The nation’s most widely used reading management software program for K12 schools, Accelerated Reader helps teachers motivate students to read, measure progress and improve reading levels. Students read a book at their appropriate level and then take a quiz. The software monitors results, generates reports, and provides a platform to manage individual reading practice.
Read the Most From Coast To Coast enabled students to take part in a shared reading adventure,” said Laura Dougherty, TCS Director. “Students were thrilled when the one-day AR Quiz Record was shattered.” All students at The College School who took part received a certificate of participation.
On March 4, students continued National Literacy Month activities with a kick-off to Blue Hens Read Across UD. Through this initiative, TCS took advantage of its unique opportunity to host UD and local community members who shared favorite children’s books with the students. On the first day, TCS welcomed Eric Ziady, UD Athletic Director; Coach Dave Brock, UD Head Football Coach; and Tony Glenn, Executive Director of DFRC.
Students then showcased their skills by sharing a reading of Cloudy With A Chance of Meatballs, by Judy Barrett. Dr. Glenn, former UD football player and coach, as well as educator, shared Giraffes Can’t Dance, by Giles Andreae, which emphasizes the value of each life and the unique gifts each person brings to society.
Through the remainder of the two-week project, TCS had visits from men’s basketball coach, Monte’ Ross, CEHD Dean Lynn Okagaki (pictured above), and numerous other professors and University community members. From all our visitors, the students at The College School are reminded that positive actions produce positive results and are encouraged to do their very best and always strive for success.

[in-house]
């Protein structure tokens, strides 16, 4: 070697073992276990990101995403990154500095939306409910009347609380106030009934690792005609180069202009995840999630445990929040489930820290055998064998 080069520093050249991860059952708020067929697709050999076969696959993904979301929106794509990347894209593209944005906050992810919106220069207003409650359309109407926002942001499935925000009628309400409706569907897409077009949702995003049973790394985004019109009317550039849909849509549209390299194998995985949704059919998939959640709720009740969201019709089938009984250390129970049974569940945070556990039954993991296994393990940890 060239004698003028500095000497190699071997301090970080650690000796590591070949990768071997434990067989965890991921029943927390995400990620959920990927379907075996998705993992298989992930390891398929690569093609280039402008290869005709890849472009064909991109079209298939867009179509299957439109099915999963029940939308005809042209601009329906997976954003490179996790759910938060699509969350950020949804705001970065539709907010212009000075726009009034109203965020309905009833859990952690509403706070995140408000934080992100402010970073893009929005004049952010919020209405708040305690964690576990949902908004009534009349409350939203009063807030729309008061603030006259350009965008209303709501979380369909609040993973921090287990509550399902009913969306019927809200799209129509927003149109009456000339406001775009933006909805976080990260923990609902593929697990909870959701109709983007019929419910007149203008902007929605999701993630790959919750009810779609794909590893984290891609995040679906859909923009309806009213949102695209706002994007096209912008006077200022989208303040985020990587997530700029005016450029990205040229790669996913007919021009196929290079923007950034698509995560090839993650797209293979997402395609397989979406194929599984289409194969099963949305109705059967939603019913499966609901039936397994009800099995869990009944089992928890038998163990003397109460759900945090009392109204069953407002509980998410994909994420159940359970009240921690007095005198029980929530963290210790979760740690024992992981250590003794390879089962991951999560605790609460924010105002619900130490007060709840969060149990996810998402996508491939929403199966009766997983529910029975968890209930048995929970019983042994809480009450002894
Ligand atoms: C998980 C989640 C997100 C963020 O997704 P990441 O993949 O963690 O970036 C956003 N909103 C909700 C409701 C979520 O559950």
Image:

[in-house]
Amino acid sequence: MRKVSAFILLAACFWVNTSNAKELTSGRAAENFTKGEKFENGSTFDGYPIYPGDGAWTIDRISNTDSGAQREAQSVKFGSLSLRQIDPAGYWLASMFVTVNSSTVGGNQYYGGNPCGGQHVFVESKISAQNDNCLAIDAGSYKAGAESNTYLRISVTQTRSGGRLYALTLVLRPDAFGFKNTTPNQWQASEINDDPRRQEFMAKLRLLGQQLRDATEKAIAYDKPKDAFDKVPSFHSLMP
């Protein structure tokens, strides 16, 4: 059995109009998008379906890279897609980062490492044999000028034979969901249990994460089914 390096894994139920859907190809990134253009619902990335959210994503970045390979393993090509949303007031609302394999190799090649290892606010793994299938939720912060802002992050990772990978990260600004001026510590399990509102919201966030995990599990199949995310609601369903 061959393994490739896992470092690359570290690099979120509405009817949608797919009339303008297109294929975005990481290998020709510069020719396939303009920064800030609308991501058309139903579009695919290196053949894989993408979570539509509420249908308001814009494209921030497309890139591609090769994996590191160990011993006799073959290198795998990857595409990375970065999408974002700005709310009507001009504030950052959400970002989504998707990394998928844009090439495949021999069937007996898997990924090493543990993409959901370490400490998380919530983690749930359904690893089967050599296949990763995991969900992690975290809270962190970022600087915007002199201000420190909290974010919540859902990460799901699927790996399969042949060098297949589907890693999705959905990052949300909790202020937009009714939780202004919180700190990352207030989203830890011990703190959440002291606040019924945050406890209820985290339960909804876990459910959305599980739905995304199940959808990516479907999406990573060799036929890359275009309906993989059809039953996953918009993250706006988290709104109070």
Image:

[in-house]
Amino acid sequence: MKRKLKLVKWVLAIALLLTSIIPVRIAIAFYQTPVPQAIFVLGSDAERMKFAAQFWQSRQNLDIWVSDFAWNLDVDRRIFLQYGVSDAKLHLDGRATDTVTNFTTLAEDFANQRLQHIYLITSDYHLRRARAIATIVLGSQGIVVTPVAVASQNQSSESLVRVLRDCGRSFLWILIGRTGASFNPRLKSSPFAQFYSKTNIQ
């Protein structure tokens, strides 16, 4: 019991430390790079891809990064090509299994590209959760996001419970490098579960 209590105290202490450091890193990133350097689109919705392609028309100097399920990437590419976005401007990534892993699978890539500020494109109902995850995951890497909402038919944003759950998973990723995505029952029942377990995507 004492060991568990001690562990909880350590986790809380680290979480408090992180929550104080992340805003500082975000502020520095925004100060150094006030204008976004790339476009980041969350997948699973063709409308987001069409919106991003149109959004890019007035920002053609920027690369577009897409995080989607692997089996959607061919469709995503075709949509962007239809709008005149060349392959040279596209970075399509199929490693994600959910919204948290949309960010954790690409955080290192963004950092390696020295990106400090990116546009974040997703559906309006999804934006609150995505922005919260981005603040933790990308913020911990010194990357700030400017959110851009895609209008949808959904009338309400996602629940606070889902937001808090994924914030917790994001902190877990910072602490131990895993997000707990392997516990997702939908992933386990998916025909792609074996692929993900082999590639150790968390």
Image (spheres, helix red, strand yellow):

2011-2012 School Year
Cross-University Collaborative Mentoring Conference held at UD
On June 20-21, UD hosted the 12th annual Cross-University Collaborative Mentoring Conference (CUCMC) at Perkins Student Center.
The CUCMC provides graduate students studying education and child development a unique opportunity to share their research and receive feedback from faculty and peers from neighboring universities. Students and faculty from UD, University of Pennsylvania, Fordham University and the University of Miami examined over 65 student presentations and posters.
Attendees were appreciative of the conference’s goal of providing graduate students with feedback from peers and professors on their independent research projects. As one student explained, “The supportive atmosphere and constructive feedback made for a wonderful and helpful experience.”
CEHD Alumni Reception
The sounds of good music and good cheer filled the lobby of Willard Hall Building on June 1, 2012, as alumni, faculty and staff gathered for our Alumni Reception. As part of UD’s Alumni Weekend, CEHD hosted an evening event to allow alumni to reminisce with classmates. Due to threatening weather, the reception was moved from the lawn to the lobby, but the change didn’t dampen spirits in the slightest. Guests ranged from newly-minted grads to an educator with over 50 years of experience from the Class of 1958.
- Dean Okagaki shared success stories of several students and encouraged attendees to continue their good work in the community.
- Shane Palkovitz, CEHD ’12, provided musical entertainment, playing original songs on his guitar.
- YoUDee made a special appearance, offering hugs, signing autographs and posing for photos.
- Over a dozen raffle prizes were offered, including gift certificates, CDs and items with college logos.
On June 2, UD’s Laboratory Preschool, in partnership with the Delaware Institute for Excellence in Early Childhood hosted the third annual Jane Davidson Forum on Play. The Play Forum was created in honor of former UD Lab Preschool Master Teacher Jane Davidson, who had an extraordinary ability to teach young children through play. It is designed to help educators incorporate play into their curriculum. The half-day conference, offering 12 workshops, a luncheon and a panel discussion was very well received by the teachers, administrators, specialists and therapists in attendance.